In high school, I had two foreign language choices- Spanish and French. Even though the French class got to make crepes, I chose Spanish class. I lasted three years and picked up some vocabulary. Senorita Anderson called me Josefa which took a little getting used to. Fast forward many years and I’m bound and determined that my kids will learn Spanish much sooner than I did. We are starting with baby steps using books. It’s amazing how quickly my kids can pick up Spanish words through stories we read together.
Below are some of the books we have enjoyed reading. The books are mostly in English with a sprinkling of Spanish vocabulary throughout the books.
Books with Spanish Words for Kids
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Round is a Tortilla: A Book of Shapesand Green is a Chile Pepper: A Book of Colors by Roseanne Greenfield Thong are a must for any preschooler’s shelf. Not only do kids pick up Spanish vocabulary, but they work on the basic concepts of shapes and colors.
Tito the Firefighter by Tim Hoppey is the story of a young boy who helps firefighters locate a fire when a Spanish-speaking man needs their help. Tito translates for the man and is able to alert the firefighters to the location of the fire. Kids will learn words such as el bombero, el rojo, and el fuego. Both of my kids went through a stage of asking for this book on a regular basis.
A newer and beautiful book is La Madre Goose: Nursery Rhymes for Los Ninos by Susan Middleton Elya. It’s a treasury of nursery rhymes sprinkled with Spanish words to replace the mostly English text. And, the illustrations are just beautiful.
I think we have read just about every variation of The Three Little Bears. Rubia and the Three Ososby Susan Middleton Elya is another fun take on the story in which the osos go out for a stroll and Rubia decides to pay a little visit to their home.
Sticking with the fairy tale trail we haveThe Runaway Tortilla by Eric Kimmel. There isn’t a lot of Spanish vocabulary in this book, but my kids insisted that it be on the list.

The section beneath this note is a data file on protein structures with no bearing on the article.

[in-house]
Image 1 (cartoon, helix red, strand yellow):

And, you have to check out The Three Little Tamales also by Kimmel. We borrowed this one from the library so much that we went ahead and bought it.
Tomie dePaola is a wonderful storyteller and has told tales from many lands. In Adelita, we are entertained by a Mexican Cinderella story.
Rounding out the fairy tales and folk tales we have Manana, Iguana by Ann Whitford Paul which is a spin on the traditional Little Red Hen.
We giggle like crazy when we read the rhyming tale called Gazpacho for Nacho by Tracey Kyle. Maybe you’ll be inspired to try some gazpacho after reading.
Abuela by Arthur Dorros is one I used when I was teaching. It’s the story of a little girl and her grandmother as they explore their beautiful city of New York from a birds-eye-view.
Chato’s Kitchenby Gary Soto is the story of Chato the cat and his friend as they prepare for a nice feast. And, a new family of mice just moved into the neighborhood and will make a fine main dish. But, will the mice really be “the dinner?”
Armando and the Blue Tarp School by Fine and Josephson almost made the cut for Around the World Family Dinner Book Club. It’s a fascinating story about a man who would travel to Mexico and hold school on a blue tarp for the village children. It’s based on a true story.
How Do You Say? by Angela Dominguez is a back and forth type call and respond book to pick up some basic vocabulary. It’s all done with two lovely giraffes.
Below are some of our favorite resource books full of words to expand your Spanish vocabulary.
The Usborne Big Book of Spanish Words has heavy duty pages that are jam-packed with vocabulary from clothes to professions.
DK First Picture Dictionary: Spanish is filled with labels next to photographs and also includes a pronunciation guide and English text.
So grab a few books from the list, enjoy some good stories, and build your Spanish vocabulary.